Penance: Emphasizing more mercy, less judgement

Father John A. Kiley

A visit to a former parishioner evoked a few fond memories of the “old days” at the former Sacred Heart Parish in Pawtucket. A woman recalled that years ago priests would be in the confessional from 4 until 6 on Saturday afternoon and then 7:30 until 9 at night. Children were expected to confess during the afternoon and adults were supposed to confess in the evening. As a child, this lady missed her opportunity to confess in the afternoon and showed up at 7:30 p.m. to be shriven of her sins. As soon as she spoke, the pastor sensed a child’s voice and asked how old she was. She replied that she was twelve. The pastor then informed her that she should have been there in the afternoon and told her to go home and come back next week at the proper time. The confessional screen was swiftly shut and the child retreated into the evening. The next week, sure enough, there she was to confess at 4 p.m. If this incident occurred today, the girl’s family would be signing up at the nearest Episcopal church the next morning and the encounter would be the topic for talk shows for the rest of the week.

While Pope Francis probably did not have folksy incidents like this in mind, his Jubilee Year of Mercy has been inaugurated precisely to emphasize more the mercy of God found in the sacrament of penance rather than the frank judgment by the priest integral to the sacrament. Many Christians have weightier issues on their mind than which confessional time slot best suits them. Today’s Catholics deal with absence from Sunday Mass, with marriage irregularities, with contraception, reproduction and pregnancy issues, with internet pornography, with anger, with dishonesty in business, with prejudice, with slander and defamation, with neglect of civic duties. It is not easy for Christians to face these faults and then articulate them to another human being in confession. “I lied twice. I swore four times. And I listened to a dirty joke,” might have been the typical confession in the 1950s. But the age of innocence is long gone. Graver matters press on the contemporary conscience.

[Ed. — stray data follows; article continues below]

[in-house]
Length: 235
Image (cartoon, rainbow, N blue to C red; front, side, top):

The celebrated installation of jubilee doors in the basilicas and cathedrals of the world is just one tangible reminder of the welcoming mercy of God that His Holiness wants to be preached and appreciated throughout the world. In order to emphasize especially the mercy of God made readily available through the sacrament of Penance, Pope Francis had the bodily remains of two dedicated confessors, St. Pio of Pietrelcina (Padre Pio) and St. Leopold Mandic, brought to Rome for a two-week stay before Lent. These two saints spent their lives in the service of the mercy of God through confession.

Fr. Leopold Mandic (1866-1942), canonized in 1983, was originally from Croatia. Although severely crippled, this Capuchin father dedicated his life to the confessional. For almost thirty years, he spent from ten to fifteen hours a day within his cell, which became a confessional for thousands of people who found there an opportunity for forgiveness and mercy. Some friars claimed that he was “ignorant and too lenient in forgiving everyone without discernment.” His simple and humble response to this charge is astonishing: “Should the Crucified blame me for being lenient, I would answer Him: ‘Lord, you gave me this bad example. I have not yet reached the folly of your having died for souls.’” St. Pio (1887-1968), canonized in 2002, and also a Capuchin friar, spent his entire life at San Giovanni Rotondo in southern Italy, never having left that town. During his life, some in Rome looked askance at the evidence of his stigmata and caused him much distress, but his piety always prevailed. He became a privileged witness to mercy, dedicating all of his life to the celebration of the sacrament of reconciliation.

In this coming Sunday’s Gospel, Jesus formulates the perfect blend of mercy and judgment, a model for confessors and a hope for penitents. “Has no one condemned you?” Jesus asks of the woman caught in the act of adultery. She replies, “No one, sir.” Then Jesus says, “Neither do I condemn you. Go, and from now on do not sin anymore.” Jesus mercifully forgives the woman her sins but also gently opens up to her the road to healing: “…do not sin anymore!”